Unless, of course, the video was compressed while converting to DVD and the DVD copies actually look worse than the Hi8 originals. In that case Blu-Ray copies may look better than the DVD ones (but not better than the originals) because there's no need to compress anything thanks to improved space.
Finn is offline   Reply With Quote
Old 11-16-2015, 10:28 AM   #13
Avilos
IndyFan
 
Avilos's Avatar
 
Join Date: May 2003
Posts: 604
I been wondering about this a lot. Does anyone know how the effects where composited? Many of the special effects from tv shows of this era were done on video. Even through the episodes were shot on film. So the effects shots were of a lower resolution. Problem with Blu-ray releases from this era of tv is the only completed version of the episodes are usually in video. For Star Trek The Next Generation, Paramount had to find the original negatives and re composite and recreate the special effects.

Though I wonder if that maybe have been different with this series. We are talking about George Lucas. He was ahead of the curve on everything. He also probably saved all the original film elements. Like he did with all his films.

I not sure if a BLu-Ray release would be huge improvement or not. I wish he had approved the needed work before he retired. Even if it sat on a shelf like the 3D versions of the Star Wars movies. At least they would exist for a future release at some point.
Avilos is offline   Reply With Quote
Old 11-16-2015, 10:47 AM   #14
Udvarnoky
IndyFan
 
Join Date: Aug 2003
Posts: 1,361
I'm sure the original film elements were kept, but just as you say, since the episodes were mastered on video, they'd have to re-do all of that work. I hardly think the market for this show would justify such an effort in the eyes of Disney/Lucasfilm.

Seinfeld is the only older show I'm familiar with where they actually went back and rescanned the film elements to get the resolution gains. But of course, Seinfeld is phenomenally popular. It wouldn't surprise me if Young Indy was already scanned in HD as a step in preparing the DVD release, but it's unclear exactly what kind of work they did for that and how much of it would be rendered useless by an HD upgrade.

Additionally, since Young Indy was shot on 16mm it will of course not look as good in HD as 35mm would. I suspect it would still look excellent, and significantly better than DVD, but I just don't think the numbers crunch on the business side of things to justify what would to the average viewer not be a big enough jump in quality.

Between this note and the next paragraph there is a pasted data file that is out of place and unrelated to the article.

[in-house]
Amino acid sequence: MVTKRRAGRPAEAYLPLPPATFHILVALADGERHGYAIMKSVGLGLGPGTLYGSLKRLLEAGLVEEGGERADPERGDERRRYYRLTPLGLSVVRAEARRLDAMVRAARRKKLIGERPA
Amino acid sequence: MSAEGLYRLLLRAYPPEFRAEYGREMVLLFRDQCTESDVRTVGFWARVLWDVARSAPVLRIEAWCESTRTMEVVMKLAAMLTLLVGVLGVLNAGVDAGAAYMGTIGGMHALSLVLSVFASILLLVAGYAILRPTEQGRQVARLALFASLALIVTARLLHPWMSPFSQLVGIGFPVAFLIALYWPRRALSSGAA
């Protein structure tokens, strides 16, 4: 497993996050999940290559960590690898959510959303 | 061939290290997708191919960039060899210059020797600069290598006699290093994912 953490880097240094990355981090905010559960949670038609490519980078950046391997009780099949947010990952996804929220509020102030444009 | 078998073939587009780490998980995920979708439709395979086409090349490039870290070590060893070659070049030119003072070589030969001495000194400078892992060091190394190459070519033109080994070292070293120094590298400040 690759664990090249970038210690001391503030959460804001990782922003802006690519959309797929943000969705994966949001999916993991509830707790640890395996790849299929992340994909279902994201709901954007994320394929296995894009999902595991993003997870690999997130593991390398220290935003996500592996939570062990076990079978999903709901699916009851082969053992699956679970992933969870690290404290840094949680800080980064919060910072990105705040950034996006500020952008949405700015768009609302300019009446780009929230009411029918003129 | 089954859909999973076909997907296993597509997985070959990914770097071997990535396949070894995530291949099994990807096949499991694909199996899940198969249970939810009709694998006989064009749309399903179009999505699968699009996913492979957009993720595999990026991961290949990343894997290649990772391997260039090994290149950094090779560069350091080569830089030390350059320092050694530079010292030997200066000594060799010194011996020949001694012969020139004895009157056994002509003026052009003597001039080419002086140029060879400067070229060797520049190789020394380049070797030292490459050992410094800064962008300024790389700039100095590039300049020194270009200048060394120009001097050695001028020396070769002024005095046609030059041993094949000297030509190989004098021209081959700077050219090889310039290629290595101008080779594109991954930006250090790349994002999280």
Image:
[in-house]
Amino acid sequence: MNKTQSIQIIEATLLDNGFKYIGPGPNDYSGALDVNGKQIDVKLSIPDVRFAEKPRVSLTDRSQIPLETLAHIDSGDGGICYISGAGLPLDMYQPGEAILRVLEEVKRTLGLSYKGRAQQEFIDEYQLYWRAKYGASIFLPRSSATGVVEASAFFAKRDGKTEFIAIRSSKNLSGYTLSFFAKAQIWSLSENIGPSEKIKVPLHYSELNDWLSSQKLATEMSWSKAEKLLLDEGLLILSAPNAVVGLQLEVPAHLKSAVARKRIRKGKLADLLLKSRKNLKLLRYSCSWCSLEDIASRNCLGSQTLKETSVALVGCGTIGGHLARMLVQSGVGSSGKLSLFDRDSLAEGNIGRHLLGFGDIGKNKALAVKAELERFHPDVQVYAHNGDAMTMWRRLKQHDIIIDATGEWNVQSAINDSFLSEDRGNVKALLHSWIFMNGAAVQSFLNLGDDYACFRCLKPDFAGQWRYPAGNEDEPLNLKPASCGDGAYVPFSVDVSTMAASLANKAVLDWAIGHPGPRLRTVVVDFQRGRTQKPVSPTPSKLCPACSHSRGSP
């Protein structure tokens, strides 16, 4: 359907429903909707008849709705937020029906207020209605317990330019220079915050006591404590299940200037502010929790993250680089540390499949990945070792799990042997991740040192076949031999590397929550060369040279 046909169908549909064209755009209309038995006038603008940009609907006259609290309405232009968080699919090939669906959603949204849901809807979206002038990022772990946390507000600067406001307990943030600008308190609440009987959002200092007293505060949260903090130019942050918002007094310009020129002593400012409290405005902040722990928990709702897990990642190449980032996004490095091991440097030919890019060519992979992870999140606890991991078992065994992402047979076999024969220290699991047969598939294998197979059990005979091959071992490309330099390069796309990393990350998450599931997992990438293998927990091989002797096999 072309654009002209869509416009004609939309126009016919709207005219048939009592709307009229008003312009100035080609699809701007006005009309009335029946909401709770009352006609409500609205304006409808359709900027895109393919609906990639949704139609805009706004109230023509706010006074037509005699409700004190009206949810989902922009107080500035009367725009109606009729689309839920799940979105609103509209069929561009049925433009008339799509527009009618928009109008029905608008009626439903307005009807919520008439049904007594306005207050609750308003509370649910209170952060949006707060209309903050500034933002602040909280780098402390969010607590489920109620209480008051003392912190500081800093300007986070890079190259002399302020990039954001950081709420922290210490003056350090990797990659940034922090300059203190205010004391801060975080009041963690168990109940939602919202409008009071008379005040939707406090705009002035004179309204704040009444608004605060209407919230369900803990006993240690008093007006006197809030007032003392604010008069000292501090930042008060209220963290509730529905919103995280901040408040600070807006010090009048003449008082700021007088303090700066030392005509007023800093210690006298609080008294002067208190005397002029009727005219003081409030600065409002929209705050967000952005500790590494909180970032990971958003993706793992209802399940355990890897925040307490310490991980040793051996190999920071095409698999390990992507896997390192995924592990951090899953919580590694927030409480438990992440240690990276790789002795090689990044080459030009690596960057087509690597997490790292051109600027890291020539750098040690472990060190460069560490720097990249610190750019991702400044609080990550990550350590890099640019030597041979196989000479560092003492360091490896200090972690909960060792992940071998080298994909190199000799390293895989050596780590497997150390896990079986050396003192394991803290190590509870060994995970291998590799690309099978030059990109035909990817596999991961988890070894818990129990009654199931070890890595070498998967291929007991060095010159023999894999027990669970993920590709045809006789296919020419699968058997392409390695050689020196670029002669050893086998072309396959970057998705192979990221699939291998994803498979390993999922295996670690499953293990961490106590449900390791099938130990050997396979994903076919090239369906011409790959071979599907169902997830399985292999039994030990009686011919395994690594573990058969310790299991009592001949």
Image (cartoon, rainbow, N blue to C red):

I think our best bet is if they ever throw the series up on a streaming service. If there is in fact already an HD version that they simply downscaled for DVD then they can just use those transfers.

Last edited by Udvarnoky : 11-16-2015 at 10:55 AM.
Udvarnoky is offline   Reply With Quote
Old 11-17-2015, 02:08 AM   #15
Le Saboteur
IndyFan
 
Le Saboteur's Avatar
 
Join Date: May 2009
Location: Sham Shui Po
Posts: 1,905
Quote:
Originally Posted by Udvarnoky
I think our best bet is if they ever throw the series up on a streaming service. If there is in fact already an HD version that they simply downscaled for DVD then they can just use those transfers.

The series has been available on Netflix and Hulu's streaming service for quite some time. The quality appears to be on par with the DVD release.

Given the source material's age (~25 years) and size (16mm's image size is less than half of 35mm film) you would probably need a 4k restoration and that runs (at last check) about $20,000 per movie. Since the image quality was never supposed to be grainy (see The Wrestler and the forthcoming release of The Shield; both were shot on 16mm), you're going to need a lot of additional work to correct the color, fix any cracks in the emulsion, bad splices, etc. The additional work is going to jump up the expense significantly -- and that's per episode. Assuming the twenty-grand is still accurate then you're looking at over half-a-million just to scan the series.